Cost Comparison of Cyclic Thermal and Pump Storage Units:
|Thermal Generating Units||Fixed Cost||Variable Cost||Total cost|
|Thermal Units @ 85 % PLF||2.5||2||4.5|
|Thermal Units Cyclic Operation @ 50 % PLF||4.25||2.12*||6.37|
* Increased variable cost on account of 6% increase in heat rate
|Pump Storage Generating Units||Fixed Cost||Variable Cost||Total cost|
|Cost of generation considering 30% loss between Pumping and generation modes||3.50||2.60||6.10|
The cost of generation from pump storage units is slightly lower than the cost of cyclic operation of thermal plants as indicated above. However, pump storage units have an advantage of fast ramp up and ramp down capabilities to meet the system demand. Thus, the energy generated is not likely to cause an impact on overall tariffs due to inefficient operations of thermal plants being reduced. Further, it will also help in avoiding economic shut down of thermal units during low demand periods where even the load equivalent to a technical minimum of 55% capacity will not be available.
Delay in acquisition of land is one of the bottlenecks in the execution of hydro plants with peaking reservoir. Like the set-up of Industrial Development Corporations (IDC) whose main role is to identify locations suitable for industrial development and create industrial estates with infrastructure such as roads, drainage, electricity, water supply, street lights, and ready-to-occupy factory sheds, it seems prudent to set up Hydro Development Corporations (HDCs) at the state level, to reduce the lead time in setting up hydro units. This could also facilitate effective and efficient settlement of R&R measures ie rehabilitation and resettlement of displaced population.
Forest and other related clearances take an inordinate amount of time. Therefore a single window clearance for all hydro projects will enable their speedy approvals. Further, the inclusion of Natural Capital Valuation and mitigation measures although a right measure, adds to the project cost but could be addressed through government support. Green cess on coal could be utilized efficiently to bring in clean energy.
The infrastructural development of a state is considered to be the backbone for its economic growth and the well-being of its people. It is prudent that this cost is not passed on to the hydro projects, but, state HDCs take the ownership of developing infrastructure to facilitate economic and hydro sector growth. The full use of water resources by any state, in the long run, is going to bring economic growth for the state by way of sufficiency in nervy resources.
Hydro plants have long operational life beyond 50 years and hence, it is prudent that measures like provision of loans with longer tenure say, 30 years decelerated depreciation for 40 years, tax holidays for initial 5 years, 0% interest rates, cess benefits, and reduction in other statutory fees would considerably help in improving the outlook of Hydro.
Clean Power Obligation (CPO):
We have seen that extraordinary measures for a few years help in promoting additions of a particular type of energy source as seen in the case of wind and solar. Hence, it could be most suitable to introduce a CPO, to include hydropower in the current Renewable Power Obligations and make it mandatory for distribution companies or discoms to tie up with hydro generators for their survival.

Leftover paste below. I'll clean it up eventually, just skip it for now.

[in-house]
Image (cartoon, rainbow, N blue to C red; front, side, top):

Also, Pump Storage Units need to be given priority and the same can be treated as an asset of the grid rather than a generation asset. The measure is not likely to increase the tariff while improving the grid stability.
The share of the generation that is allocated at zero cost for the parent states needs to be limited to the power requirement of the population in the specific surrounding area. This area could be defined within a 10 km radius allocated with the maximum power which is capped at a maximum of 5% of the total capacity from the existing 12% and even higher.
There is also a need to introduce ToD tariff for hydro stations when it supplies peak power as well.
Water management involves tackling an array of complex factors that are a part of the science of natural resource management. There are multiple stakeholders involved, rendering decision making difficult. It, therefore, necessitates to come up with innovative solutions to overcome the water distribution challenges in India.
With the right expectation of exploiting/maximizing renewable energy as a step towards energy security and climate change, the backing down of thermal plants for the grid integration of renewables cannot be considered as a prudent step. The lower PLFs of thermal will cause thermal units to operate at significantly lower efficiencies. Also, battery technology on utility-scale is still some time away and only hydro energy being the only option can ensure reliable and cost-effective supply to meet grid demand variations. Peaking hydro plants will also facilitate renewable energy resource to be exploited fully to ensure energy security and mitigation of climate worsening. Hence, a ‘draught’ in the hydro generation cannot be allowed to grow thereby leading to an urgent need to address all the issues and provide policy encouragement for the hydro sector to grow.